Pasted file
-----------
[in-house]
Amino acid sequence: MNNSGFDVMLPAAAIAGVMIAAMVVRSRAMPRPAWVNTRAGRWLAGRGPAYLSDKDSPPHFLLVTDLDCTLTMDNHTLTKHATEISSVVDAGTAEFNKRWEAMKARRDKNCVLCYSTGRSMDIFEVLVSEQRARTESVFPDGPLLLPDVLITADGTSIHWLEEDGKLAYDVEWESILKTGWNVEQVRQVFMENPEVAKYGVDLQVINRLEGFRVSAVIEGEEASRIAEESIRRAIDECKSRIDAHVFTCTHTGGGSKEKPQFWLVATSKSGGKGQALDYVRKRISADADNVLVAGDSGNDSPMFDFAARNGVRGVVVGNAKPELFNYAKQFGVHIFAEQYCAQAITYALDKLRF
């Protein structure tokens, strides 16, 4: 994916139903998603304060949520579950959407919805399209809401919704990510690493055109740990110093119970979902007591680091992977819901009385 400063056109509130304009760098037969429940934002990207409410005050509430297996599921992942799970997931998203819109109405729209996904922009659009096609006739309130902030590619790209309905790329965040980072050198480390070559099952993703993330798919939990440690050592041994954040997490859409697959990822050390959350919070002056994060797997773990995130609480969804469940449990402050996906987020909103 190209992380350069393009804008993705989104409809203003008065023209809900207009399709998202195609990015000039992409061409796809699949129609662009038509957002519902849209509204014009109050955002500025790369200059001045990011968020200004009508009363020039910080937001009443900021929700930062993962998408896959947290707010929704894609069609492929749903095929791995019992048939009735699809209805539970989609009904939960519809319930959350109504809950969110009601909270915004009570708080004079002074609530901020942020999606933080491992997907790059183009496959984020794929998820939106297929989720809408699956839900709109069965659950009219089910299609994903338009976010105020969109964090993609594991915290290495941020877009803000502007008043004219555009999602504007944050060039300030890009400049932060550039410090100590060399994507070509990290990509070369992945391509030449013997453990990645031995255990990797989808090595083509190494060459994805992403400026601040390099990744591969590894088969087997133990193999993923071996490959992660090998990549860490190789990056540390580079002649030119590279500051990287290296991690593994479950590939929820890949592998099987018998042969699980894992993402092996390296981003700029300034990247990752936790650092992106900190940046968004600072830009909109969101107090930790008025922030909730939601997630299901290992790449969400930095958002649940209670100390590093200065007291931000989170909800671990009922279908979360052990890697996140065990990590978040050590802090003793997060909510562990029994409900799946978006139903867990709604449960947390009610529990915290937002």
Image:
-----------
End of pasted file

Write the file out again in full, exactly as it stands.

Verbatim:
[in-house]
Amino acid sequence: MNNSGFDVMLPAAAIAGVMIAAMVVRSRAMPRPAWVNTRAGRWLAGRGPAYLSDKDSPPHFLLVTDLDCTLTMDNHTLTKHATEISSVVDAGTAEFNKRWEAMKARRDKNCVLCYSTGRSMDIFEVLVSEQRARTESVFPDGPLLLPDVLITADGTSIHWLEEDGKLAYDVEWESILKTGWNVEQVRQVFMENPEVAKYGVDLQVINRLEGFRVSAVIEGEEASRIAEESIRRAIDECKSRIDAHVFTCTHTGGGSKEKPQFWLVATSKSGGKGQALDYVRKRISADADNVLVAGDSGNDSPMFDFAARNGVRGVVVGNAKPELFNYAKQFGVHIFAEQYCAQAITYALDKLRF
């Protein structure tokens, strides 16, 4: 994916139903998603304060949520579950959407919805399209809401919704990510690493055109740990110093119970979902007591680091992977819901009385 400063056109509130304009760098037969429940934002990207409410005050509430297996599921992942799970997931998203819109109405729209996904922009659009096609006739309130902030590619790209309905790329965040980072050198480390070559099952993703993330798919939990440690050592041994954040997490859409697959990822050390959350919070002056994060797997773990995130609480969804469940449990402050996906987020909103 190209992380350069393009804008993705989104409809203003008065023209809900207009399709998202195609990015000039992409061409796809699949129609662009038509957002519902849209509204014009109050955002500025790369200059001045990011968020200004009508009363020039910080937001009443900021929700930062993962998408896959947290707010929704894609069609492929749903095929791995019992048939009735699809209805539970989609009904939960519809319930959350109504809950969110009601909270915004009570708080004079002074609530901020942020999606933080491992997907790059183009496959984020794929998820939106297929989720809408699956839900709109069965659950009219089910299609994903338009976010105020969109964090993609594991915290290495941020877009803000502007008043004219555009999602504007944050060039300030890009400049932060550039410090100590060399994507070509990290990509070369992945391509030449013997453990990645031995255990990797989808090595083509190494060459994805992403400026601040390099990744591969590894088969087997133990193999993923071996490959992660090998990549860490190789990056540390580079002649030119590279500051990287290296991690593994479950590939929820890949592998099987018998042969699980894992993402092996390296981003700029300034990247990752936790650092992106900190940046968004600072830009909109969101107090930790008025922030909730939601997630299901290992790449969400930095958002649940209670100390590093200065007291931000989170909800671990009922279908979360052990890697996140065990990590978040050590802090003793997060909510562990029994409900799946978006139903867990709604449960947390009610529990915290937002």
Image: